Mickey Z. — World News Trust
August 10, 2021
If you’ve been following any of my stories — from juvenile delinquency to street activism — you know by now that confrontations and interactions with the NYPD were not uncommon in my life. I remember a time when my entire crew (ages 12 to 15) was hanging out in L.I.C. High School yard, watching a YMCA touch football game in the snow. The game was fun but the itch for trouble was calling. A group of us wandered off and we soon got into an epic snowball fight. My side was bombarding some of our friends who happened to be standing in front of a two-family house.
Inevitably, some of our snowballs hit the house behind them and the owner came out. When he called us names, we pelted him and his house with snowballs until he went back in. Bored with this diversion, we returned to watching the game — not knowing this guy had called the cops. They arrived. He identified a few of us, including me. Sensing trouble, I went into little kid mode.
Tears welled in my eyes as I was tossed into the back seat of the car. I pleaded my case, explaining how the snowball fight was just harmless fun and we sincerely didn’t mean to hit the house. To appease the homeowner, the cops drove me around the corner and let me out where he couldn’t see. One of my mother’s friends did see, however, and I was soon in big trouble with my parents. They were harder to convince than the cops that it was all innocent fun.
Not long after that, an encounter with the cops took things to a much different level. Me, Capo, Boch, and Buse had figured out how to get into the cigarette machine at the local taxi stand (more about that venue here). Each of us grabbed a carton or two. Since none of us smoked cigarettes, our plan was to sell them to the older guys. We were carrying our booty as we walked down 28th Street. A police car pulled up and the cops eyeballed us, as they always did, so we hid the cartons under our jackets. The car came to a stop and we tried to look calm. That’s when Boch dropped a carton and we panicked. We all dropped our cigarettes and took off running with the cop car eventually following us in hot pursuit — as they say. (Buse looked back and saw them first collecting the cartons of cigarettes.)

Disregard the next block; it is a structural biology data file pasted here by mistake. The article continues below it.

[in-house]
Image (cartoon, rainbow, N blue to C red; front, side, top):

The four of us reached Big Pri’s building at approximately the same time and followed Capo’s lead in climbing up the fire escape. We scrambled about three floors up when the cops found us. One of the cops got out of the car and yelled: “Stop!” Buse and Boch swore he drew his gun but I can’t vouch for that. But hey, it sure does spice up this story to believe he did, huh? One thing for sure: He loudly warned us to stop.
We stopped… for about two seconds and then we continued up, faster than ever. Big Pri let us in his fourth-floor apartment but herded us out the front door and into another apartment one flight down. We hid out in closets and under beds while the cops questioned some of the tenants. They didn’t bother going door-to-door. The fact that they were able to recover all the stolen cigarettes probably worked in our favor. By the time we exited the building, one at a time, about 10 minutes apart, the coast was clear (as they also say). Take-home message: Cigarettes really can be hazardous to your health.
Until the laws are changed or the power runs out, Mickey Z. can be found here. He is also the founder of Helping Homeless Women - NYC, offering direct relief to women on New York City streets. To help him grow this project, CLICK HERE and donate right now. And please spread the word!